As a law student in Egypt’s Menufiya province, Mustafa al-Agoury was simply looking for a job to get him through his last year of classes.
But when a friend gave him a pottery kiln, the young man “fell in love” with the craft, which he quickly turned into a profession.
“A friend gave me an oven as a gift, and I worked on it at home… in one year, I fell in love with the trade,” said Agoury, now 40, speaking from his workshop in the village of Shamma, in the Nile Delta province north of Cairo.
He and his 15 employees extract clay from different types of soil found across Egypt, particularly along the Red Sea coast and near the southern Nile River city of Aswan.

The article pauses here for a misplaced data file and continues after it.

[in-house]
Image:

They work on large wooden benches, cluttered with pots of paint, rudimentary tools and classically shaped vases decked out in wild colours.
Row upon row of grey, unfinished pieces line the workshop’s edges, waiting to be given a glossy finish.
Some are spray-painted with bright hues of blue, green, yellow or red — sometimes a swirl of all four. Others are hand-painted.
It takes between seven and 10 days to finish one piece, depending on its size.
Agoury estimated his workshop produces about 1,000 pieces a month, many of which take pride of place in the salons of Cairo.